However, all people are not the same. Some people react just like us, but many don’t. People with personality disorders represent one end of a spectrum of human behavior. They often react radically to their feelings, without taking time to think through the logic of their situation, their actions and the consequences of their actions.
This can sometimes leave us wondering "What on Earth did I do to deserve this/provoke that/make them act this way?"
The answer is usually: "Nothing."
It's important to remember that you are never responsible for another person's behavior - if a person you care about is behaving in a way that you don't like, that is simply their decision. In most cases, it has nothing to do with you or what you have done.
If another person claims "I did ---- because you did -----” or "I said ---- because you said -----” then they are making up excuses for their own behavior.
What To Do:
When you are faced with a positive mood swing:
Don't throw away your boundaries.
Don't assume that this lovely person you are confronted with is the real person or the true person. It is a part of them - but the whole person is the average of both the positive and the negative that you have experienced.
Don't forget about the negative experiences - they are as much a part of the reality as the positive.
Don't assume that this positive mood swing will last forever.
When you are faced with a negative mood swing:
Don't retaliate with bad behavior of your own.
Maintain your boundaries.
Keep yourself and your children away from any physical, verbal, emotional or sexual violence or abuse.
Don't assume that this nasty person you are confronted with is the real person or the true person. It is a part of them - but the whole person is the average of both the positive and the negative that you have experienced.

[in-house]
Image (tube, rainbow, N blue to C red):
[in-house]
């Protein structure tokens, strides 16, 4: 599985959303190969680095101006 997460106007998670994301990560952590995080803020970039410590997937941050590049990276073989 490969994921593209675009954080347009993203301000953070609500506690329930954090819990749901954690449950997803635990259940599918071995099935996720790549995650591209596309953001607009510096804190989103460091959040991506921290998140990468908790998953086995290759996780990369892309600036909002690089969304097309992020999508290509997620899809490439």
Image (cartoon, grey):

Don't forget about the positive experiences - they are as much a part of the reality as the positive.
For More Information & Support...
If you suspect you may have a family member or loved-one who suffers from a personality disorder, we encourage you to learn all you can and surround yourself with support as you learn how to cope.
Five years ago, a photographer, an engineer, a writer, an office manager, a grandmother, a graphic artist, a law student, a husband, a librarian, and a stained-glass artisan came together to connect a diverse, isolated population in search of information, support, and growth as they strive to cope with a family members, spouses or partners who suffer from a personality disorder. Since its launch on November 1, 2007, Out Of The FOG has grown from a fledgling discussion group with 10 participants, to a vibrant community of over 4000 registered members world-wide, with new members joining every day.
On August 31 2012, the Out of the FOG Support Forum crossed two significant milestones - 100,000 member posts and 10,000 topics. Thanks to all who participate and contribute to the OOTF support board, which is a unique source of support to non-personality-disordered individuals all over the world.